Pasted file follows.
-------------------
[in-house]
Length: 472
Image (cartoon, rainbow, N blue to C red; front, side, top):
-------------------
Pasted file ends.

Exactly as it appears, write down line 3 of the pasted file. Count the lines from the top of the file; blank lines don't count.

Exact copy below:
Image (cartoon, rainbow, N blue to C red; front, side, top):